The US National Nanotechnology Initiative has made its budget request for 2018 according to a Dec. 5, 2017 anouncement by Lynn L. Bergeson and Carla Hutton at the Nano and Other Emerging Chemical Technologies blog on the JD Supra website (Note: A link has been removed),
On November 30, 2017, the National Nanotechnology Initiative (NNI) published a supplement to the President’s 2018 budget. The supplement also serves as NNI’s annual report and summarizes the progress made in achieving NNI’s goals, the research and development (R&D) activities and plans of the participating agencies, and the agency investments in each program component area. The President’s 2018 Budget requests $1.2 billion for the NNI, “a continued investment in support of innovation promoting America’s competitiveness, economic growth, and national security.” The NNI investments proposed for 2018 reflect an emphasis on broad, fundamental research in nanoscience to provide a continuing pipeline of new discoveries that will enable future transformative commercial products and services. …
The November 30, 2017 NNI Supplement to the President’s 2018 Budget can be found here. Click on the download button (or go here) for the full supplement which includes explanations for the initialisms, e.g., PCA, STIR, etc. and sections such as this about key points,
Key Points about the 2016–2018 NNI Investments
• Reductions in overall NNI investments for 2018 relative to 2016–2017 and previous years are consistent with the goal of the President’s 2018 Budget to prioritize Federal resources on areas that industry is not likely to support, over later-stage applied research and development that the private sector is better equipped to pursue.
• The actual NNI investments reported by the participating agencies for 2016 ($1.56 billion) are significantly larger than 2016 estimated investments published in the 2017 Budget ($1.43 billion) and 2016 requested investments published in the 2016 Budget ($1.50 billion). This change is due largely to the fact that an increasing proportion of agencies’ nanotechnology investments are coming from “core” R&D programs, where the high success rate of nanotechnology-related proposals cannot be anticipated in advance.
• Total funding for PCA 1, Nanotechnology Signature Initiatives and Grand Challenges, for 2018 (nearly $200 million, representing over 16% of the NNI total) reflects the emphasis on focused investments in R&D that advances interagency cooperation and public/private partnerships in support of national priorities, as a key part of the overall NNI funding strategy.
• The NNI’s Nanotechnology-Inspired Grand Challenge for Future Computing is a new investment category in the President’s 2018 Budget, included for the first time under PCA 1. This challenge helps to address renewed international competition for U.S. leadership in semiconductor manufacturing and downstream information technology industries. For 2016, agencies are reporting over $140 million in investments under the NNI budget crosscut (including related research under the Nanoelectronics NSI) in this sector, which is critical for both national security and economic competitiveness.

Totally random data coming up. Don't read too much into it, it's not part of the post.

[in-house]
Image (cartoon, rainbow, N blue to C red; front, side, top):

• The increase in the percentage of total NNI investments in PCA 2, Foundational Research (from 36% in 2016 to nearly 40% in the 2018 Budget) reflects the Budget’s focus on supporting early-stage R&D, and is consistent with calls by NNI advisory bodies to maintain a pipeline of basic research that will lead to the innovations of the future.
• Proportional NNI investments in PCA 3 (Nanotechnology-Enabled Applications, Devices, and Systems) hold steady at about 24% of the total NNI investments for 2016–2018, down slightly from 25% in 2015.
• NNI agencies continue to provide consistent, proportional funding for PCA 4 (Research Infrastructure and Instrumentation) for 2016–2018, at 15–16% of the NNI total. The 2018 request ($179 million, representing about 15% of the NNI total investment) includes sustained support for NSF’s National Nanotechnology Coordinated Infrastructure network of university-based nanotechnology user facilities. The President’s 2018 Budget for DOE requests continued support for three of the original five Nanoscale Science Research Centers. PCA 4 also includes research to develop novel or improvedinstrumentation, which is critical to continued progress in nanotechnology and to maintain U.S. competitiveness internationally.
• PCA 5 (Environment, Health, and Safety—EHS) investments are a key element of the NNI’s strategy to ensure responsible development of nanotechnology. For 2016–2018, the proportional research investments reported under PCA 5 (see Appendix A for definitions) are approximately 6% of the NNI total for 2016 and 2017, and 5.5% in the 2018 Budget. In addition to the PCA 5 investments, some research reported under other PCAs (e.g., PCA 1 and PCA 4) also contributes to the overall EHS research portfolio.
• The return of the Department of Justice’s National Institute of Justice (NIJ) to the NNI budget crosscut in the 2018 President’s Budget is another example of where nanotechnology innovations initially funded by basic research agencies are now coming to fruition in R&D programs focused on applications, devices, and systems that directly contribute to national priorities.
• Investments in SBIR and STTR funding by the participating agencies, reported outside of the formal NNI funding crosscut tabulated in the budget tables shown above, play a critical role in transitioning nanotechnology innovations into products for commercial and public benefit (NNI Goal 2), as discussed below. [pp. 14-17 (print) pp. 22-25 [PDF)]